I first met and interviewed Bellamy in 2011 when I began my doctoral research and she described the work. Bellamy would sit at the measuring machine, looking through a small micrometer lens, which is similar to a microscope, at a photographic glass plate negative of the stars. The stars looked like tiny black dots and each star had to be centred in the micrometer’s centre line , which was made of spider web. Bellamy called out the location of the star on and she determined the brightness of the star, called the magnitude, by comparing this to the standard sizes which were on thin film and could be positioned in the eyepiece to compare.


Colville would carefully transcribe all of this into a log book. There could be hundreds of stars on each glass plate. After 30 minutes the women would swap places, and Colville would take her turn at the measuring machine. The star measurements were then checked by rotating the glass plate and re-measuring the positions of the stars. Once checked there was a logarithmic calculation for each star that the women did and then this figure was entered onto another logbook. Finally each plate was transcribed onto a manuscript for the printer to work from (7).

 

As you can see in the photograph taken by Bellamy during lunch time on Observatory Hill there was great camaraderie amongst the women who were working on the star catalogue. Bellamy never married but she attended many weddings of the others who then left the observatory due to social custom and employment law. Colville married in 1955 but she stayed on until 1961, she was most likely able to stay in her position due to Wood’s insistence that she was essential to the work. She was upgraded to Clerk Grade 1 in 1957. The final volume of the Melbourne zone was sent to the printer in 1961 and published in 1963; and the last of the fifty-two volumes of the Sydney zone of the AC was completed in 1964. Four years later Bellamy decided to leave and become a nurse, something she was passionate about prior to starting at Sydney Observatory,



Winsome Bellamy and Toner Stevenson in October 2023. Photograph by Liselle Mei.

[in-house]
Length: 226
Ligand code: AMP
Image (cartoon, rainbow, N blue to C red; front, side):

Thankfully due to changes in the law and programs such as the SAGE (Science in Australia, Gender and Equity) accreditation (https://sciencegenderequity.org.au/)  and The Pleiades Awards in astronomy (https://asa-idea.org/the-pleiades-awards/) there are now incentives for organisations to provide equal opportunities for women in astronomy and at the cutting edge of science in Australia.

 

Bio

Dr Toner Stevenson is an honorary History affiliate at The University of Sydney. She recently co-authored the book 'Eclipse Chasers’, published by CSIRO. She is active in amateur astronomy. Prior to working at the University of Sydney Toner had an extensive career in museums, including the Powerhouse Museum and as Manager of Sydney Observatory from 2003 to 2015. She is a Sydney City Skywatchers Committee member and on the Board of the International Council of Museums (ICOM) Australia.

 

References:

1. Kewley, L.J. 2021, Closing the gender gap in the Australian astronomy workforce. Nat Astron 5, 615–620. https://doi.org/10.1038/s41550-021-01341-z

2. Sawer, M. 2016, The long slow demise of the Marriage Bar, Inside Story https://insidestory.org.au/the-long-slow-demise-of-the-marriage-bar/

3. Equal Pay Principles of the former Australian Conciliation and Arbitration Commission in the Equal Pay handbook, 1998, p. 20 https://humanrights.gov.au/sites/default/files/content/pdf/sex_discrim/equal_pay.pdf

4. Stevenson, T. 2023, Melbourne Observatory’s Astrographic Women: Star Measurers and computers, JAHH, 26 (2), 325-338. https://dds.sciengine.com/cfs/files/pdfs/view/1440-2807/8D62FF4D393548369EFA51DDFC272A54.pdf

5. As above.

6. Wood, H 1971, Astrographic Catalogue: 1900, vol. LIII, IAU.p. 463

7. Interview with Winsome Bellamy, T. Stevenson thesis, 2015, The University of Sydney, http://hdl.handle.net/2123/15762

 

 

Related International Womens' Day blogposts: